Posted Apr 29, 2015 at
Sometimes my children like a book. Ok, if you are at all familiar with my two sons you might be rolling your eyes right now. Yes, Milo and Ezra are enthusiastic readers. But that doesn't actually mean that they just loooove all books. The fact is that they, like most enthusiastic readers, have developed into fairly critical readers as well. They'll race through a book and then when you ask about it, say, "Ehh." That's good intel. I need to know that. It doesn't do to falsely praise a book to a kid. I won't give an ehhh book to... Continue reading
Posted Mar 24, 2015 at
Hi. Hi there. Let me tell you a little story. When I was approved to read an advance copy of The Royal We , the first adult novel by the snarky minds behind the fashion commentary site GoFugYourself, the timing could not have been better. It was four days before Christmas. My husband had ruptured his Achilles tendon and was in a fracture boot and on crutches. His injury had briefly cast our long-planned holiday travel into a gutter of despair and frenzy. But at long last, I was on an airplane with my whole family headed for the Caribbean.... Continue reading
Posted Mar 12, 2015 at
Something bad has happened. It was a long time ago, but it was really bad, and Sean's life is now carefully constructed from and around the consequences of that thing. He's not lonely, exactly. He's not sad, exactly. He's also maybe not reliable, exactly. While Sean was in the hospital, he distracted himself from his pain by imagining a world, a ruined America in which desperate survivors have constructed one giant fortress, the Trace Italian. The world of the Trace turns into a quest, and several years after his ordeal (or during the latter phase of his ordeal, depending on... Continue reading
Posted Mar 5, 2015 at
By now, everyone has seen that Ugly Volvo post on everything that is wrong with Goodnight, Moon. Many of us were already quite firm in our understanding that Goodnight, Moon is abominable - in my case I find it suspicious that we say goodnight to AIR and to SOUNDS - much as one might if one were being nailed into a COFFIN because of premature burial, which people are not afraid of as they once were but maybe that is just because we're not reading as much Poe as we ought to be. RIGHT?! Here in Baltimore, where we are... Continue reading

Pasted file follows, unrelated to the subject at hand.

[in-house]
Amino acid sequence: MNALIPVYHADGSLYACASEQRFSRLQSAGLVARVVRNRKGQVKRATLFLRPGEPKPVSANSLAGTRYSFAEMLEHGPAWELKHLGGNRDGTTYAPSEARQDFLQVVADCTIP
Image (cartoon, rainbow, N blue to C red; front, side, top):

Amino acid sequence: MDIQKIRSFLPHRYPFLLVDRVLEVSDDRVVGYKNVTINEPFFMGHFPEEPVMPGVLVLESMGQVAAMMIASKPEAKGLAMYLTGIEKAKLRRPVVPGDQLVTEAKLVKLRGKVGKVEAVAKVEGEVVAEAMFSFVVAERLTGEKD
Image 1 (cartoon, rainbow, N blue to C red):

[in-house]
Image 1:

Posted Mar 1, 2015 at
Locked down and blizzarded up, you need a dose of color, don't you? The kids are kind of eating each other and you're sick of telling them to get off YouTube. Time to hit the graphic novel section: The Golden Compass Graphic Novel, Volume 1 (His Dark Materials) "You're going to have to realllly convince me," I can hear famous curmudgeon Philip Pullman mutter as he surveys the latest in what I imagine must be a never-ending parade of proposals to adapt his 1995 masterpiece trilogy His Dark Materials into graphic novels. He probably imagined himself as Penelope at her... Continue reading
Posted Feb 15, 2015 at
The ALA Youth Media Awards were just announced about an hour ago. These honors are awarded by committees of librarians who read, evaluate, and discuss approximately a femto-jillion books in a year and decide which book in a given category is THE BEST of the year and which few are THE RUNNERS UP. I generally don't comment on these awards on this blog because, like any other award, calling any given anything THE BEST in a year is ridiculous. YOU ARE THE BEST TOMATO. WORLD'S BEST JOKE 2014 IS WHAT EDDIE IZZARD SAID ON TWITTER NOVEMBER 13th. THE AWARD FOR... Continue reading
Posted Feb 2, 2015 at